The juvenile may contact:

Start the process there by completing a petition for expungement. A $50 state fee must be paid.

I am a victim, and the suspect was a juvenile. Who can help me with information, questions, the status of my case and/or help me in filling out the Victim Impact Statement?

When the suspect is a juvenile call (913) 573-2973 for assistance.

Can I find out about the case and know what is happening?

Matters that are in court under the Code for the Care of Children are confidential, but sometimes relatives are allowed to come into court with parents and learn about what is happening with the child. It is unlikely that anyone from the court or attorneys will tell you information over the phone.

How do I get a copy of my police report?

If the suspect is a juvenile, the police cannot release police reports. They, however, will give you a report showing you filed a report which has a complaint number on it. This number helps track your case through the police department and the district attorney’s office.

How do I report child neglect or abuse when I see it?

In the Kansas City metropolitan area, suspected child abuse or neglect can be reported to SRS at (866) 215-9077. Persons who report abuse or neglect that they see cannot be held to be liable for damages in a lawsuit because they reported this to the authorities, should the parents seek to sue.

Child in Need of Care More Information

The Kansas Law relating to children is called the Kansas Code for the Care of Children. Under that law, there are (11) definitions for the court to use in declaring a child to be one who should be under the jurisdiction of the court.

These Include

  • A child who is not receiving adequate parental care, supervision or control, and this is not due entirely because of the family’s financial situation.

  • Children out of the parent’s control, or not in sufficient control to meet their physical, emotional, or mental needs.

  • Children who are being physically, mentally, emotionally, or sexually abused or may be neglected by their parents or caretakers.

  • Children who are placed for adoption or care in violation of the law.

  • Abandoned children.

  • Children who are aged (7 - 18) and are not complying with the school attendance laws.

  • Children under (10) years old who commit a crime.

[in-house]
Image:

• Children who are runaways from home or their court-ordered placement.

  • Children who commit acts which are unlawful for persons under (18) to do, but this does not include:
    • purchase of alcohol or beer
    • purchase of a pari-mutuel ticket at a racetrack
    • purchase of, or possession of tobacco products
    • possession of firearms

  • Children who leave their court-ordered placement twice or more without permission.

  • Children who live in the same home with a sibling who has been abused or neglected.

When can I leave my child home alone?

There is no age set by law.

My child is out of control, whom do I contact?

What do I do if my child continues to run away from home?

You should always make a report to the police when your child leaves home without permission. This is the way that your child’s name gets into the police computer system so that an officer who comes into contact with your child knows what to do.

What happens when a runaway child is picked up by police?

Reported runaway children picked up by police are taken to the Juvenile Intake and Assessment Center (JIAC). This is not the same as the detention center. The child will be interviewed about his/her home, habits, school attendance, etc.

The parent(s) will be contacted to come and pick him/her up from JIAC, which is located at 6th and Tauromee. You can pick your child up or refuse. If you refuse, JIAC staff will make a report to SRS, and an SRS worker will contact you. Call JIAC (913) 621-3523 about the program.

SRS workers are trained to work with families to attempt to keep children out of the state’s custody. They have a service that they can offer called Family Preservation Services. They may also be able to help in other ways. If your child goes into state’s custody (custody of SRS) and continues to run from his/her court-ordered placement repeatedly, then the assistant district attorney assigned to the case may file a request to place your child in a secure place for at least (60) days, where intensive services are provided. This is a locked facility where the child cannot leave.